Fairfield South Elementary School closed today as voluntary precaution after a younger sibling of a student was tested for coronavirus Tuesday.
Test results for coronavirus, also known as COVID-19, are not known at this time, said Butler County Health Commissioner Jenny Bailer.
“There’s been no confirmation at this point,” she said. “From what I understand, a test has been performed. There are no results back at this time.”
School officials said the decision to close was not necessary after consulting with the Butler County General Health District and medical professionals, but they did so anyway “as a precautionary measure.”
“This was a very serious consideration by several district leaders,” said Fairfield schools spokeswoman Gina Gentry-Fletcher. “Our staff is thoroughly cleaning and disinfecting the building today, again, as a precaution.”
The sibling is not yet old enough to attend school, Gentry-Fletcher said.
Fairfield Schools’ decision is one of many being made around Butler County pertaining to the outbreak of COVID-19.
MORE ON CORONAVIRUS
• Butler County continues coronavirus actions as governor makes broad recommendations
• Butler County names 3 new polling places to move from nursing homes
• Lakota to practice remote learning as area schools set coronavirus plans
“We did confer (Tuesday) evening and jointly decided that would be the best course of action,” she said.
Bailer said the school’s decision was “their choice.”
Ohio Gov. Mike DeWine made “strong recommendations” Tuesday meant to slow the COVID-19 outbreak, including asking colleges and universities to hold classes online, indoor sporting event organizers to ban spectators (including NCAA Tournament games), nursing homes to carefully screen visitors and communities to cancel large gatherings.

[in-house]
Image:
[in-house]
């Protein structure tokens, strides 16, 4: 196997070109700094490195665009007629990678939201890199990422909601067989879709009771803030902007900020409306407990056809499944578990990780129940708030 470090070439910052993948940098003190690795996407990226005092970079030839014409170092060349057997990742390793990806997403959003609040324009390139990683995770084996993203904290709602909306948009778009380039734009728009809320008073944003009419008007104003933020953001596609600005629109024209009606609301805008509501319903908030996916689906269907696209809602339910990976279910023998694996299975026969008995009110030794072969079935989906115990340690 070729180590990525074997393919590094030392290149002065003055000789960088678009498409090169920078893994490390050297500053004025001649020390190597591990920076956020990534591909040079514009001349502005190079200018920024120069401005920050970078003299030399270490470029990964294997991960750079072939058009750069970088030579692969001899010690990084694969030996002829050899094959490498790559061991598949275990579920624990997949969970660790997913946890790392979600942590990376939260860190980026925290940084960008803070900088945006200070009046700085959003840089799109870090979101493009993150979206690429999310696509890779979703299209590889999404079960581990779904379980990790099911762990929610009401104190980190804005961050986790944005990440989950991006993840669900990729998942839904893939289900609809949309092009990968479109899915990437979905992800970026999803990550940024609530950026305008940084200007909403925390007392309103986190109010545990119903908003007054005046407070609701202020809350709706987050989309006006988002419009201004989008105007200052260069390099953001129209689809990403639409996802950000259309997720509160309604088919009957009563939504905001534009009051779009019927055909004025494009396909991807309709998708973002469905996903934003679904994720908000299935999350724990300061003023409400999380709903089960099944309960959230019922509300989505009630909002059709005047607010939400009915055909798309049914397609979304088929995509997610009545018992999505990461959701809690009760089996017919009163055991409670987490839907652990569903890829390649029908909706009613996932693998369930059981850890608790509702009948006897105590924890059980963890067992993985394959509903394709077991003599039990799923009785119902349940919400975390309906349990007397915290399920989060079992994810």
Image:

DeWine is prohibiting all visits at Ohio’s 27 adult prisons and three youth detention facilities. The Buckeye Sheriff’s Association is expected to issue guidance on jail visitors.
COVID-19 is part of a larger family of coronaviruses that may cause mild to severe respiratory illnesses. The common cold is a type of coronavirus.
This newer type of coronavirus appears to have started overseas and has made its way in multiple countries, including the Unites States. More than 1,000 in the United States have been diagnosed with COVID-19, according to multiple news reports.
COVID-19 symptoms generally appear two to 14 days after exposure and include fever, cough and difficulty breathing, said Ohio Department of Health Director Dr. Amy Acton.
Most who become sick do not require hospitalization, but those with chronic heath conditions, compromised immune systems and older adults may require hospitalization or advanced care.
For more information, an Ohio call center is open 9 a.m. to 8 p.m. daily at 1-833-4-ASK-ODH (1-833-427-5634).